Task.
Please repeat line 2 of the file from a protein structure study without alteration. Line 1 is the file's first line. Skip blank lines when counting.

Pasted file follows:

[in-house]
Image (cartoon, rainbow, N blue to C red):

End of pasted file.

Image (cartoon, rainbow, N blue to C red):